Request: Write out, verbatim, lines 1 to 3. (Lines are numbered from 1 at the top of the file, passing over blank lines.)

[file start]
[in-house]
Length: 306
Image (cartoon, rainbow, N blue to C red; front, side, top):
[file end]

[in-house]
Length: 306
Image (cartoon, rainbow, N blue to C red; front, side, top):